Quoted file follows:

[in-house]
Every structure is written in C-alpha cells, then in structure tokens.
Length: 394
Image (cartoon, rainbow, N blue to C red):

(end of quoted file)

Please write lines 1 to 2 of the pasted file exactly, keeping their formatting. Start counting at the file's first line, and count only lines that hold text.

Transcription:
[in-house]
Every structure is written in C-alpha cells, then in structure tokens.